6 Lessons Entrepreneurs Can Learn From Jackie and John F. Kennedy

A book containing interviews with the former First Lady offers some surprisingly relevant lessons for entrepreneurs.
Contributing Writer, SmallBizTrends.com
April 24, 2012

I have been fascinated by President John F. Kennedy ever since I saw him at a gas station as a child during the 1960 presidential campaign, and he gave me a little wave. So I had to carve out some time to read the recently released book, Jacqueline Kennedy: Historic Conversations on Life with John F. Kennedy. The series of interviews with the former First Lady by Arthur Schlesinger was conducted in 1964, just months after the President’s assassination. It offers her reflections on Kennedy’s presidency, as well as some unexpected lessons for entrepreneurs. Here’s what I took away.

Make time to disconnect. Of course, Kennedy lived in a time before e-mail and cell phones, but Jackie recalls that if a phone was ringing, he couldn’t resist answering it. He loved to take off sailing with his family because there were no phones on a boat and he could forget the cares of the presidency for a while.

The lesson here? Turn off the cell phone and log off your laptop from time to time. Take some time off (even if just for a weekend) if you can—you’ll come back to business re-focused and re-energized.

Don’t burn your bridges. Jackie admitted to holding grudges when someone offended the president, but he always urged her to let it go. “In politics, there are no friends or enemies, only colleagues,” Jackie recalls Kennedy telling her, explaining how even his worst enemy might someday become an ally who could help him reach a goal. 

Today's world is so connected that Kennedy's advice is especially relevant. Don’t alienate people you may want to work with in the future.

Make time for your health. Kennedy suffered from crippling back problems for much of his life, but Jackie says when he took office he was in great shape because once the rigors of campaigning ended, he golfed, swam and exercised daily. After six weeks in office, however, he was nearly incapacitated again from sitting at a desk for hours on end. When a doctor ordered regular exercise, Kennedy made time for fitness every evening.

The needs of today's leaders and employees are no different. Find a time you can commit to working out, and encourage your employees to get up and stretch at least once an hour.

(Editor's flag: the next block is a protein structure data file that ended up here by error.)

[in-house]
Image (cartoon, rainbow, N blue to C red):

Mix it up. When in town, Kennedy always had lunch in the White House’s private quarters with his family. He also took a daily 45-minute nap. He typically worked 11-hour days, but he spent the evenings relaxing with family and friends. Jackie made a point to surround him with people who wouldn’t talk politics or remind him of the problems he dealt with all day. For an entrepreneur, it’s hard to avoid thinking about your business constantly, but sometimes the best insights come when you shift gears and get your mind focused on other things for a bit.

Never stop learning. Although she was a voracious reader herself, Jackie marvels at how her husband devoured books. Each week, he’d rip out pages from the newspaper’s book reviews and give her lists of books to order from the bookstore. How did he manage to read despite his pressing schedule? Jackie says, “He read all the times you don’t think you have time to read,” including while eating, in the tub, tying his tie or getting dressed. With audiobooks and podcasts today, even busy entrepreneurs can make time to stay well read.

Less talk, more action. Jackie recalls Kennedy’s disappointment in his Secretary of State, Dean Rusk, who despite being brilliant, took forever to get anything accomplished. (She jokes that it took him 11 weeks to compose a birthday letter for Khrushchev.) Indecisiveness hindered Rusk and the State Department, and frustrated Kennedy. The lesson here: The best intentions don’t matter if you don’t follow through, so know when it’s time to quit thinking and start doing.

Photo credit: Public domain